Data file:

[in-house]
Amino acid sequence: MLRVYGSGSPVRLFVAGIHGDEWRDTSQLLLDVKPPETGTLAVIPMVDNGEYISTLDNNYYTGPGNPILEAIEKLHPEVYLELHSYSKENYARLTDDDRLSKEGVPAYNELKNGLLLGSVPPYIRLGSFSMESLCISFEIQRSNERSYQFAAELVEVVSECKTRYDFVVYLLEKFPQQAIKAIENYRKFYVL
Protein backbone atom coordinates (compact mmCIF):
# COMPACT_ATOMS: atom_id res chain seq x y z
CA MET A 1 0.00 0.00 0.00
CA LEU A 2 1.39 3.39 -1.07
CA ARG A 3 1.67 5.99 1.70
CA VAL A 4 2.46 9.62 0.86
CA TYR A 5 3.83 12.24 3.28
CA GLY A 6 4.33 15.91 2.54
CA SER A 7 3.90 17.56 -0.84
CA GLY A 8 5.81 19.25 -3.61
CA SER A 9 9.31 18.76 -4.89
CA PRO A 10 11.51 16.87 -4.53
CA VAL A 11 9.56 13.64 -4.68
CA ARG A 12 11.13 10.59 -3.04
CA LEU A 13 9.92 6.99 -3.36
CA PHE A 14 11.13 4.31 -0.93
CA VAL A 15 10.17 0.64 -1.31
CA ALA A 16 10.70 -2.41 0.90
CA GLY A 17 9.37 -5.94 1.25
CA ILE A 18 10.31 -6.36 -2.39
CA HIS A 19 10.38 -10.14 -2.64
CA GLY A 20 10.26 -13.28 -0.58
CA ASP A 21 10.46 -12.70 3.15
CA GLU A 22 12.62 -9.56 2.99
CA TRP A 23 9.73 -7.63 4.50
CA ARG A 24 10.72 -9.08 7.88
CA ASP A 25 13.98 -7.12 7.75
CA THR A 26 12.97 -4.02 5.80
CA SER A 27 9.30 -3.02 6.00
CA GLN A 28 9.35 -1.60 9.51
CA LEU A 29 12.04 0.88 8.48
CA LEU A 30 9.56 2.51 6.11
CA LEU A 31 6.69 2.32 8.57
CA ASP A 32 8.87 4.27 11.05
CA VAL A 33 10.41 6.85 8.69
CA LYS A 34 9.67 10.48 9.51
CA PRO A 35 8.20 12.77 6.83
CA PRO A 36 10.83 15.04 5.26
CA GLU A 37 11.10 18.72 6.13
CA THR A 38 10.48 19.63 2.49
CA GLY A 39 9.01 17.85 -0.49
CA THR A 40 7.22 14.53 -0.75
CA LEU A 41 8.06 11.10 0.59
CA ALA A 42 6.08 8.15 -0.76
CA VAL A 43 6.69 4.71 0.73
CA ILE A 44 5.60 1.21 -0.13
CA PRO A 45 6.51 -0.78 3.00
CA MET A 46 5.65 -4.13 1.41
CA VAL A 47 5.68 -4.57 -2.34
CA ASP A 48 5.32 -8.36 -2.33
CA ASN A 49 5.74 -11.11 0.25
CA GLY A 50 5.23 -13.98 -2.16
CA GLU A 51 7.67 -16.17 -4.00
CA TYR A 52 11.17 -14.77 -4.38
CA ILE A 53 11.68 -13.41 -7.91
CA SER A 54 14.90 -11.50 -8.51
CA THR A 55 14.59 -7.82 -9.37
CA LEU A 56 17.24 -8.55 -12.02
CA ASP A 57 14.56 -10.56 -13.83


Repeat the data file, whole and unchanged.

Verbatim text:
[in-house]
Amino acid sequence: MLRVYGSGSPVRLFVAGIHGDEWRDTSQLLLDVKPPETGTLAVIPMVDNGEYISTLDNNYYTGPGNPILEAIEKLHPEVYLELHSYSKENYARLTDDDRLSKEGVPAYNELKNGLLLGSVPPYIRLGSFSMESLCISFEIQRSNERSYQFAAELVEVVSECKTRYDFVVYLLEKFPQQAIKAIENYRKFYVL
Protein backbone atom coordinates (compact mmCIF):
# COMPACT_ATOMS: atom_id res chain seq x y z
CA MET A 1 0.00 0.00 0.00
CA LEU A 2 1.39 3.39 -1.07
CA ARG A 3 1.67 5.99 1.70
CA VAL A 4 2.46 9.62 0.86
CA TYR A 5 3.83 12.24 3.28
CA GLY A 6 4.33 15.91 2.54
CA SER A 7 3.90 17.56 -0.84
CA GLY A 8 5.81 19.25 -3.61
CA SER A 9 9.31 18.76 -4.89
CA PRO A 10 11.51 16.87 -4.53
CA VAL A 11 9.56 13.64 -4.68
CA ARG A 12 11.13 10.59 -3.04
CA LEU A 13 9.92 6.99 -3.36
CA PHE A 14 11.13 4.31 -0.93
CA VAL A 15 10.17 0.64 -1.31
CA ALA A 16 10.70 -2.41 0.90
CA GLY A 17 9.37 -5.94 1.25
CA ILE A 18 10.31 -6.36 -2.39
CA HIS A 19 10.38 -10.14 -2.64
CA GLY A 20 10.26 -13.28 -0.58
CA ASP A 21 10.46 -12.70 3.15
CA GLU A 22 12.62 -9.56 2.99
CA TRP A 23 9.73 -7.63 4.50
CA ARG A 24 10.72 -9.08 7.88
CA ASP A 25 13.98 -7.12 7.75
CA THR A 26 12.97 -4.02 5.80
CA SER A 27 9.30 -3.02 6.00
CA GLN A 28 9.35 -1.60 9.51
CA LEU A 29 12.04 0.88 8.48
CA LEU A 30 9.56 2.51 6.11
CA LEU A 31 6.69 2.32 8.57
CA ASP A 32 8.87 4.27 11.05
CA VAL A 33 10.41 6.85 8.69
CA LYS A 34 9.67 10.48 9.51
CA PRO A 35 8.20 12.77 6.83
CA PRO A 36 10.83 15.04 5.26
CA GLU A 37 11.10 18.72 6.13
CA THR A 38 10.48 19.63 2.49
CA GLY A 39 9.01 17.85 -0.49
CA THR A 40 7.22 14.53 -0.75
CA LEU A 41 8.06 11.10 0.59
CA ALA A 42 6.08 8.15 -0.76
CA VAL A 43 6.69 4.71 0.73
CA ILE A 44 5.60 1.21 -0.13
CA PRO A 45 6.51 -0.78 3.00
CA MET A 46 5.65 -4.13 1.41
CA VAL A 47 5.68 -4.57 -2.34
CA ASP A 48 5.32 -8.36 -2.33
CA ASN A 49 5.74 -11.11 0.25
CA GLY A 50 5.23 -13.98 -2.16
CA GLU A 51 7.67 -16.17 -4.00
CA TYR A 52 11.17 -14.77 -4.38
CA ILE A 53 11.68 -13.41 -7.91
CA SER A 54 14.90 -11.50 -8.51
CA THR A 55 14.59 -7.82 -9.37
CA LEU A 56 17.24 -8.55 -12.02
CA ASP A 57 14.56 -10.56 -13.83